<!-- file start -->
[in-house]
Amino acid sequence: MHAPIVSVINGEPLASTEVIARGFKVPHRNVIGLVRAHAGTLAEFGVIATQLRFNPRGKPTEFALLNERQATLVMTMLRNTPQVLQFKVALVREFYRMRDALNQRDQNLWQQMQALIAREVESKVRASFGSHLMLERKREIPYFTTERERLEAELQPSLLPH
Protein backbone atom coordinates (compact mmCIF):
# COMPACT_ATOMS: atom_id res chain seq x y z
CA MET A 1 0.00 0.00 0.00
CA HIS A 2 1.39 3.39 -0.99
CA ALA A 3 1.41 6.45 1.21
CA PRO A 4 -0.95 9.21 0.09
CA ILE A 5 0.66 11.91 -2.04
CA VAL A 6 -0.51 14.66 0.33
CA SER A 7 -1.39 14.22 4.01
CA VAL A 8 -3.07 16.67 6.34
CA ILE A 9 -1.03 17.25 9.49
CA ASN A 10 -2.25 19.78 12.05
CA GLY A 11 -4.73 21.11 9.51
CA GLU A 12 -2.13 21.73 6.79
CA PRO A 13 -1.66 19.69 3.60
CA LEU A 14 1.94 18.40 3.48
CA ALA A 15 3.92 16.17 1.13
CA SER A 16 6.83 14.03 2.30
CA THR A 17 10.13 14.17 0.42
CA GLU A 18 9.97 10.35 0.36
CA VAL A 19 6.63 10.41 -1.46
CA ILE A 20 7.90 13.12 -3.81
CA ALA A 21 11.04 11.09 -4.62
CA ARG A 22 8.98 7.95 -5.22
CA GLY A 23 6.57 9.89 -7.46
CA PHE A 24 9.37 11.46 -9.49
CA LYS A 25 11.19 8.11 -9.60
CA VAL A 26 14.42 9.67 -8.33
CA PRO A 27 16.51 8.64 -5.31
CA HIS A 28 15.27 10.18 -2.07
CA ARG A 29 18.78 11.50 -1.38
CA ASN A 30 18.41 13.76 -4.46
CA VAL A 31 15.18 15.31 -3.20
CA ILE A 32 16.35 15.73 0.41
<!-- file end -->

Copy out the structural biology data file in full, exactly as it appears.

[in-house]
Amino acid sequence: MHAPIVSVINGEPLASTEVIARGFKVPHRNVIGLVRAHAGTLAEFGVIATQLRFNPRGKPTEFALLNERQATLVMTMLRNTPQVLQFKVALVREFYRMRDALNQRDQNLWQQMQALIAREVESKVRASFGSHLMLERKREIPYFTTERERLEAELQPSLLPH
Protein backbone atom coordinates (compact mmCIF):
# COMPACT_ATOMS: atom_id res chain seq x y z
CA MET A 1 0.00 0.00 0.00
CA HIS A 2 1.39 3.39 -0.99
CA ALA A 3 1.41 6.45 1.21
CA PRO A 4 -0.95 9.21 0.09
CA ILE A 5 0.66 11.91 -2.04
CA VAL A 6 -0.51 14.66 0.33
CA SER A 7 -1.39 14.22 4.01
CA VAL A 8 -3.07 16.67 6.34
CA ILE A 9 -1.03 17.25 9.49
CA ASN A 10 -2.25 19.78 12.05
CA GLY A 11 -4.73 21.11 9.51
CA GLU A 12 -2.13 21.73 6.79
CA PRO A 13 -1.66 19.69 3.60
CA LEU A 14 1.94 18.40 3.48
CA ALA A 15 3.92 16.17 1.13
CA SER A 16 6.83 14.03 2.30
CA THR A 17 10.13 14.17 0.42
CA GLU A 18 9.97 10.35 0.36
CA VAL A 19 6.63 10.41 -1.46
CA ILE A 20 7.90 13.12 -3.81
CA ALA A 21 11.04 11.09 -4.62
CA ARG A 22 8.98 7.95 -5.22
CA GLY A 23 6.57 9.89 -7.46
CA PHE A 24 9.37 11.46 -9.49
CA LYS A 25 11.19 8.11 -9.60
CA VAL A 26 14.42 9.67 -8.33
CA PRO A 27 16.51 8.64 -5.31
CA HIS A 28 15.27 10.18 -2.07
CA ARG A 29 18.78 11.50 -1.38
CA ASN A 30 18.41 13.76 -4.46
CA VAL A 31 15.18 15.31 -3.20
CA ILE A 32 16.35 15.73 0.41